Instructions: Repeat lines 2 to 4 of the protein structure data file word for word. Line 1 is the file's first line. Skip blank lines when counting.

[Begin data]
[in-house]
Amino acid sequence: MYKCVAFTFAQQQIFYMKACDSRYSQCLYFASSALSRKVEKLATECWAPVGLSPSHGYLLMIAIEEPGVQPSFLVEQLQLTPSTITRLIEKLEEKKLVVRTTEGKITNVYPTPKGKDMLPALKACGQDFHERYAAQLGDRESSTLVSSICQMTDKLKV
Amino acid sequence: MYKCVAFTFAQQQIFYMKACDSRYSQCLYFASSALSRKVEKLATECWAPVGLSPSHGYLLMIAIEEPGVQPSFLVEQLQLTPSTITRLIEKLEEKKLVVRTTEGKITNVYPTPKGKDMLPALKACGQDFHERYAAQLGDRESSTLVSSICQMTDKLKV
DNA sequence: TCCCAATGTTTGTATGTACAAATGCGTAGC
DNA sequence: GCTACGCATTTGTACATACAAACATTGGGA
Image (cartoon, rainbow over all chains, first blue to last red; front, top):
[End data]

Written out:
Amino acid sequence: MYKCVAFTFAQQQIFYMKACDSRYSQCLYFASSALSRKVEKLATECWAPVGLSPSHGYLLMIAIEEPGVQPSFLVEQLQLTPSTITRLIEKLEEKKLVVRTTEGKITNVYPTPKGKDMLPALKACGQDFHERYAAQLGDRESSTLVSSICQMTDKLKV
Amino acid sequence: MYKCVAFTFAQQQIFYMKACDSRYSQCLYFASSALSRKVEKLATECWAPVGLSPSHGYLLMIAIEEPGVQPSFLVEQLQLTPSTITRLIEKLEEKKLVVRTTEGKITNVYPTPKGKDMLPALKACGQDFHERYAAQLGDRESSTLVSSICQMTDKLKV
DNA sequence: TCCCAATGTTTGTATGTACAAATGCGTAGC